- Associated Press - Friday, June 5, 2020

PROVIDENCE, R.I. (AP) - Gov. Gina Raimondo on Friday extended Rhode Island’s state of emergency and several other of her coronavirus-related executive orders for an additional month to prevent a resurgence of the disease.

The state of emergency, that originally took effect on March 9, was extended until July 5 so Rhode Island can remain eligible for federal resources, she said.

“It just gives us the flexibility that we need in my administration to move quickly in order to make sure we meet the needs of the crisis,” she said.

The order requiring everyone to wear face coverings while in public places when proper social distancing cannot be maintained was extended until July 4, the Democrat said at her daily news briefing. There are exemptions for very young children and people who for medical reasons cannot wear a mask.

The order requiring people diagnosed with COVID-19 to remain quarantined until they are cleared, and also requiring people who have been in close contact with someone diagnosed with the disease to quarantine for 14 days was also extended until early July.



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RECORD TESTS

The state Department of Health reported 113 new cases of the disease on Friday, but that was out of more than 4,400 people tested, the most done in the state in one day since the crisis began.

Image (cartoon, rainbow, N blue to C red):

The state also reported 16 new COVID-19-related deaths, bringing the state fatality total to 772. Thirteen of those people were in their 70s or older and included one centenarian, Directer Nicole Alexander-Scott said.

The number of people in the hospital with the disease in Rhode Island continued to slowly decline, and was down to 182 as of Tuesday, the latest day for which the data was available.

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HELP FOR HOMELESSNESS

Rhode Island is getting another $6.2 million to help the homeless or people facing eviction during the coronavirus crisis.

The new federal funds will help nonprofits, local governments and public housing authorities provide critical assistance to Rhode Islanders experiencing homelessness or at risk of becoming homeless, U.S. Sen. Jack Reed said in a statement Friday.

The funding can be used to provide child care, education services, street outreach, employment assistance, outpatient health services, legal assistance, mental health services, substance abuse treatment, and transportation.

It may also be used for eviction prevention assistance, including rapid rehousing, housing stability case management, tenant legal services, and rental assistance.

Overall, Rhode Island has received more than $11 million in so-called Emergency Solutions Grant funding.

“We have to find ways to keep people safe, protect public health, and prevent an affordable housing crisis from becoming an eviction disaster,” the Rhode Island Democrat said in a statement.

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UTILITY BILLS

Newport’s Department of Utilities is allowing customers in Newport, Middletown and Portsmouth to set up payment plans if they are experiencing financial hardship because of the coronavirus.

Anyone who wants to set up a payment plan for their water or sewer bill should contact the office.

“The Department of Utilities understands the hardship our residential and commercial customers are facing and that they have choices to make,” the agency said in a statement to The Newport Daily News.

The department has also temporarily suspended interest charges from accruing on past due amounts as of May 1.

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